Earlier this morning, our copy of Too Human finally arrived. You know, the one we’ve been waiting over a decade for? Well, Silicon Knights baby will finally be available for all to purchase tomorrow. We figured we would give you a glimpse into our initial impressions of the game. I’ve been playing Too Human for about three hours now, and feel like I am about halfway through the story. I’ve destroyed creatures, upgraded weaponry, and chosen my path. Hop on down to get our full thoughts on Too Human, the next big title for the Xbox 360.
“It is always darkest before the dawn.”
Those were Denis Dyack‘s melodramatic words in a forum post as a reply to someone expressing frustration and disappointment over the outspoken Silicon Knights founder’s latest project, Too Human. After a disappointing show at the 2006 E3, Too Human fell from view and was conspicuously absent from this year’s E3 aside from a logo displayed during Microsoft’s press conference.
Then, shortly after E3, Silicon Knights filed suit against Epic over their Unreal 3 Engine, licensed by SK, claiming among other things that Epic had withheld valuable resources in favor of working on their own projects like Unreal Tournament 3 and Gears of War. Epic countersued claiming that Silicon Knights was misrepresenting the original contract and lots of public trash-talking and childishness ensued.
First, Silicon Knights sued Epic Games, alleging that Epic’s Unreal Engine 3 had done “serious damage” to SK’s long-delayed Too Human. Later, Epic fired back with a countersuit, in which Epic claimed that Silicon Knights wanted to use the engine without paying for it.
Now, longtime Epic partner Digital Extremes, in the middle of development of its similarly delayed Dark Sector project, has come forth with its own complaints. Game director Steve Sinclair explained, “A lot of promises were made about the Unreal III engine, particularly on PS3. But as we see now, the time frames haven’t been met and now a lot of games using it are being held up.”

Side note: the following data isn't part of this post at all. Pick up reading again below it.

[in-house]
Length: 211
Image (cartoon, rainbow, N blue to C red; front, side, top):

Now that two developers are on the record about problems with Unreal Engine 3, we wouldn’t be surprised to see loads of developers come out of the woodwork with similar grievances, both real and imagined. The situation is likely to become ugly really soon.
Read More | http://computerandvideogames.com/article.php?id=170446
There were plenty of releases on the Xbox Live Marketplace this week, and thanks to Major Nelson we can now easily compile it all for you en masse. Demos, trailers, Arcade games – you name it, you got it. Apologies if anything was missed, but there was an insane amount of content. Hit up the comments section if you like this story and would like to see a weekly round-up of downloadable content each week. And just as a warning: if lists irritate you, your head will likely explode if you check out the rest of the story after the break.
- NCAA Football 08
- Blue Dragon
- Ace Combat 6 (campaign)
- Stuntman: Ignition
- The Bigs
- Harry Potter OOTP
After Silicon Knights showed off Too Human at E3, the game has seemingly gone underground. Much of the feedback from the show indicated that the game really was not ready to be demonstrated. Dean Takahashi at Mercury News was able to speak with Silicon Knights president Denis Dyack about the game, and his opinion on the next generation consoles. Dyack considers the PS3 and Xbox 360 relative equals, stating, “Maybe the PS 3 has more processing power. The 360 has more available memory…To developers, they look even.” Nintendo’s Wii isn’t even on Silicon Knights’ radar at this point.
While the PS3’s power might be difficult for developers to unlock, Dyack claims that HDMI will make a difference in image quality. His belief is that having a purely digital path has benefits over the Xbox 360’s analog solution. On 720P versus 1080P, Dyack believes that there is less of a noticeable difference. Like make other developers, he discussed the trade-offs between the resolutions, including refresh rates, framerate, and texture RAM.
Read More | Mercury News
© Gear Live Media, LLC. 2007 – User-posted content, unless source is quoted, is licensed under a Creative Commons Public Domain License. Gear Live graphics, logos, designs, page headers, button icons, videos, articles, blogs, forums, scripts and other service names are the trademarks of Gear Live Inc.